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SARS-like viruses found in Chinese bats; closest hits yet to 2003 outbreak virus

The Chinese horseshoe bat, Rhinolophus sinicus, is shown in a handout photo. The bat is host of a new SARS-like coronavirus that is able to use the human ACE2 receptor.
Image Credit: THE CANADIAN PRESS/HO-Dr. Libiao Zhang, Guangdong Entomological Institute/South China Institute of Endangered Animals
October 31, 2013 - 8:27 AM

TORONTO - A consortium of international scientists has discovered a SARS-like virus recovered from a Chinese horseshoe bat.

The virus is the closest genetic match to the coronavirus that caused the 2003 outbreak of severe acute respiratory syndrome, which sickened nearly 8,500 people in 29 countries and killed 916.

In fact, when the new virus was tested against stored blood samples from nine SARS cases, antibodies neutralized the virus in seven of the cases.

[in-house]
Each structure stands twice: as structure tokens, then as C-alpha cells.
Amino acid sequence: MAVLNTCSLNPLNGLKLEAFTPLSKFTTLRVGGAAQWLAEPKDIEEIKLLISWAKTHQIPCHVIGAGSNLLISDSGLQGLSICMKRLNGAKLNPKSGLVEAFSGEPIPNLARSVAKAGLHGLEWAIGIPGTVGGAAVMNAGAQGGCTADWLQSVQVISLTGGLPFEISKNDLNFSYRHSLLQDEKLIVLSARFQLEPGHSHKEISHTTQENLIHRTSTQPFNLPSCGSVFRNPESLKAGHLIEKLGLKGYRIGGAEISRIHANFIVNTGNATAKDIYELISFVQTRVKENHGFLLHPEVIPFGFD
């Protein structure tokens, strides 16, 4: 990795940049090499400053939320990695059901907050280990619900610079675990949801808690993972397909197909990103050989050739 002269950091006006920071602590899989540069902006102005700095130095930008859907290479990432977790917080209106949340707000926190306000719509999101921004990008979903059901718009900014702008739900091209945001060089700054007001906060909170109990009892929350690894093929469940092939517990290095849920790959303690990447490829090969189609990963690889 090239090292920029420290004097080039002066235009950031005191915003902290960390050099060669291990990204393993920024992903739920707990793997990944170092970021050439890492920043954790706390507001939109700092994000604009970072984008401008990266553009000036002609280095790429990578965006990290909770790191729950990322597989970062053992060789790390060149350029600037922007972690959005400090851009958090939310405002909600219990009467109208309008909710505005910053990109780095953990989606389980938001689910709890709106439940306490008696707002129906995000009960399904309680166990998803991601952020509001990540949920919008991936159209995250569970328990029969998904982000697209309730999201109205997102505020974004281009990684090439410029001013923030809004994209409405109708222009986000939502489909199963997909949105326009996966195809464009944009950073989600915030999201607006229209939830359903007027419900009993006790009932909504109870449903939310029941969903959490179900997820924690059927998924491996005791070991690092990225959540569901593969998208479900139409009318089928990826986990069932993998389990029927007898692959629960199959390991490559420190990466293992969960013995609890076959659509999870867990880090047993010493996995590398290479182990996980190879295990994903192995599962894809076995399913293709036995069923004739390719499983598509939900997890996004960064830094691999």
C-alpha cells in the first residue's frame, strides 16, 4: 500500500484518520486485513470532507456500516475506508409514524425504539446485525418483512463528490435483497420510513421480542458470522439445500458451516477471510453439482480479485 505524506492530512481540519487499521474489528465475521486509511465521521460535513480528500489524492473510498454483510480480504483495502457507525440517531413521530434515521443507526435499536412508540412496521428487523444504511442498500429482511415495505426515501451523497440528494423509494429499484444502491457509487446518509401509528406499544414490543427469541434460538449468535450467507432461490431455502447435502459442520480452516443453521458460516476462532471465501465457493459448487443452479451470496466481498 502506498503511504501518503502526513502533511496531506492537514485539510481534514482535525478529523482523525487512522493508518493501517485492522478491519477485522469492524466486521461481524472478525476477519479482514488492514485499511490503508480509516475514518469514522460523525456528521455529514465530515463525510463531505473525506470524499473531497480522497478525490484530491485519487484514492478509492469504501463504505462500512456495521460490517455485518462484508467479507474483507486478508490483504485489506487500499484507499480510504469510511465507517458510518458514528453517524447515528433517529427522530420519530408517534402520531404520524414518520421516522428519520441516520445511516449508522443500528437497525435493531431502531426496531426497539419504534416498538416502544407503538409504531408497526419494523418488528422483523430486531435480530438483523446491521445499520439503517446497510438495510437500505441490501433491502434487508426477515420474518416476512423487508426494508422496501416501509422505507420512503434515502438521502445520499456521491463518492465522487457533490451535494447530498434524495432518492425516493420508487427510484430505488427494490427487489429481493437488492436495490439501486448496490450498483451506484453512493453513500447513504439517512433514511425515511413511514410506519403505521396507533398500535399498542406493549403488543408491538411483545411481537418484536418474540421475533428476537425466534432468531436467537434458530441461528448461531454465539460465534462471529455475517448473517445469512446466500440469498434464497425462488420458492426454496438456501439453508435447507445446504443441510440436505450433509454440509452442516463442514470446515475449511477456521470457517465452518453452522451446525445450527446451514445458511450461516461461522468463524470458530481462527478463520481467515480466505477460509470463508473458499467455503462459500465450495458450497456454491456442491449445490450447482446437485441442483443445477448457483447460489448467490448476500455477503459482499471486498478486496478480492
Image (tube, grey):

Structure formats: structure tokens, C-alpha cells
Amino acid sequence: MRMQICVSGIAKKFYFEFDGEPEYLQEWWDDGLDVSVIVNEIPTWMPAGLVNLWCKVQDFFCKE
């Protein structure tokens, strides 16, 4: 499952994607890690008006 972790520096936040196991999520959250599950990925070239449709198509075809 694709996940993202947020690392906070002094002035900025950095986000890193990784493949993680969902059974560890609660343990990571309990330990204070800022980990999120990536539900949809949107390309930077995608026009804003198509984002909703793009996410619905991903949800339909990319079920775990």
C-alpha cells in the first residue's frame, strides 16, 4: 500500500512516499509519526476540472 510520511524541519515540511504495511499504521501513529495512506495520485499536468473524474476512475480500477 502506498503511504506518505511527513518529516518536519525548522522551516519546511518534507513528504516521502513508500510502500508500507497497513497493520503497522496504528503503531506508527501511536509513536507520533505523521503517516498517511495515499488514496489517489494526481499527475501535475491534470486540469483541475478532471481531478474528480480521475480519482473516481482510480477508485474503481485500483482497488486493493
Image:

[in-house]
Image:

The scientists say that suggests the new virus, called WIV1, is very closely related to the SARS coronavirus.

They report that the virus was able to directly infect human cells in laboratory work, suggesting this means bat viruses like SARS may not have to pass through an intermediary host to start infecting people.

But other scientists say that just because something can be shown to happen in the artificial confines of a lab doesn't mean it would actually work that way in nature.

The work was done by scientists from the Wuhan Institute of Virology of the Chinese Academy of Sciences, the New York-based conservation group EcoHealth Alliance, the University of California, Davis, the CSIRO Australian Animal Health Laboratory at Geelong, East China Normal University at Shanghai and Duke-NUS Graduate Medical School in Singapore.

The study is being published in this week's issue of the journal Nature.

News from © The Canadian Press, 2013
The Canadian Press

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